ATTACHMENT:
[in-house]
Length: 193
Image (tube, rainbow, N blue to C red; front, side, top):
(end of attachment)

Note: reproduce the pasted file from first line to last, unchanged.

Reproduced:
[in-house]
Length: 193
Image (tube, rainbow, N blue to C red; front, side, top):